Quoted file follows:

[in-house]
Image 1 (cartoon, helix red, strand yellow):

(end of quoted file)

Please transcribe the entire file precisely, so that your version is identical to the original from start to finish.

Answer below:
[in-house]
Image 1 (cartoon, helix red, strand yellow):